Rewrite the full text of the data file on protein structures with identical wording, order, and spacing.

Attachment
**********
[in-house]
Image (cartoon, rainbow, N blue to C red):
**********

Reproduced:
[in-house]
Image (cartoon, rainbow, N blue to C red):